5. National Renewable Energy Lab. (NREL), Golden, CO (United States). Biosciences Center
  6. Oak Ridge National Lab. (ORNL), Oak Ridge, TN (United States). UT-ORNL Joint Inst. for Biological Sciences; Oak Ridge National Lab. (ORNL), Oak Ridge, TN (United States). BioEnergy Science Center (BESC); Oak Ridge National Lab. (ORNL), Oak Ridge, TN (United States). Center for Bioenergy Innovation (CBI)
  7. National Renewable Energy Lab. (NREL), Golden, CO (United States). Biosciences Center; Oak Ridge National Lab. (ORNL), Oak Ridge, TN (United States). BioEnergy Science Center (BESC); Oak Ridge National Lab. (ORNL), Oak Ridge, TN (United States). Center for Bioenergy Innovation (CBI)
  8. Univ. of Tennessee, Knoxville, TN (United States). Dept. of Chemical and Biomolecular Engineering; Oak Ridge National Lab. (ORNL), Oak Ridge, TN (United States). BioEnergy Science Center (BESC), Center for Bioenergy Innovation (CBI),; Univ. of Tennessee, Knoxville, TN (United States). Inst. of Agriculture, Dept. of Forestry, Wildlife, and Fisheries, Center for Renewable Carbon; Oak Ridge National Lab. (ORNL), Oak Ridge, TN (United States). Biosciences Division; Oak Ridge National Lab. (ORNL), Oak Ridge, TN (United States). Joint Inst. of Biological Sciences, Biosciences Division
  9. Univ. of California, Riverside, CA (United States). Bourns College of Engineering, Center for Environmental Research and Technology (CE-CERT); Oak Ridge National Lab. (ORNL), Oak Ridge, TN (United States). BioEnergy Science Center (BESC); Oak Ridge National Lab. (ORNL), Oak Ridge, TN (United States). Center for Bioenergy Innovation (CBI)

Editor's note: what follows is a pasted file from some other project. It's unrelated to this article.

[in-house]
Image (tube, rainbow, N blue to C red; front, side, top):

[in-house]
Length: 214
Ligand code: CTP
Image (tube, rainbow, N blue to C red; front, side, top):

10. Univ. of California, Riverside, CA (United States). Bourns College of Engineering, Dept. of Chemical and Environmental Engineering, Center for Environmental Research and Technology (CE-CERT); Oak Ridge National Lab. (ORNL), Oak Ridge, TN (United States). BioEnergy Science Center (BESC); Oak Ridge National Lab. (ORNL), Oak Ridge, TN (United States). Center for Bioenergy Innovation (CBI)
Publication Date:
Research Org.:
Oak Ridge National Lab. (ORNL), Oak Ridge, TN (United States)
Sponsoring Org.:
USDOE Office of Science (SC), Biological and Environmental Research (BER) (SC-23)
OSTI Identifier:
1511910
Alternate Identifier(s):
OSTI ID: 1511773
Grant/Contract Number:  
AC05-00OR22725
Resource Type:
Accepted Manuscript
Journal Name:
Green Chemistry
Additional Journal Information:
Journal Name: Green Chemistry; Journal ID: ISSN 1463-9262
Publisher:
Royal Society of Chemistry
Country of Publication:
United States
Language:
English

Citation Formats

Kothari, Ninad, Bhagia, Samarthya, Zaher, Maher, Pu, Yunqiao, Mittal, Ashutosh, Yoo, Chang Geun, Himmel, Michael E., Ragauskas, Arthur J., Kumar, Rajeev, and Wyman, Charles E. Cellulose hydrolysis by Clostridium thermocellum is agnostic to substrate structural properties in contrast to fungal cellulases. United States: N. p., 2019. Web. doi:10.1039/C9GC00262F.
Kothari, Ninad, Bhagia, Samarthya, Zaher, Maher, Pu, Yunqiao, Mittal, Ashutosh, Yoo, Chang Geun, Himmel, Michael E., Ragauskas, Arthur J., Kumar, Rajeev, & Wyman, Charles E. Cellulose hydrolysis by Clostridium thermocellum is agnostic to substrate structural properties in contrast to fungal cellulases. United States. doi:10.1039/C9GC00262F.